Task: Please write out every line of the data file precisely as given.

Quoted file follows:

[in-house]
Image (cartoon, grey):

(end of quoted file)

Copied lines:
[in-house]
Image (cartoon, grey):